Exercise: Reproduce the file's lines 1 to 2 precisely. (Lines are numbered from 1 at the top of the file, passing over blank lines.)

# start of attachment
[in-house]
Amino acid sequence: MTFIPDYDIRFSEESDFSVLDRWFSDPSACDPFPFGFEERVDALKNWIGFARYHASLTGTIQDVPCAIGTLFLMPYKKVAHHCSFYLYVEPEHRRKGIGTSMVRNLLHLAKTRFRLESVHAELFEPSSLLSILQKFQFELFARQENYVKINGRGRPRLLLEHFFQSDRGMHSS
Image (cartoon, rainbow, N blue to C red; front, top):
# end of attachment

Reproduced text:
[in-house]
Amino acid sequence: MTFIPDYDIRFSEESDFSVLDRWFSDPSACDPFPFGFEERVDALKNWIGFARYHASLTGTIQDVPCAIGTLFLMPYKKVAHHCSFYLYVEPEHRRKGIGTSMVRNLLHLAKTRFRLESVHAELFEPSSLLSILQKFQFELFARQENYVKINGRGRPRLLLEHFFQSDRGMHSS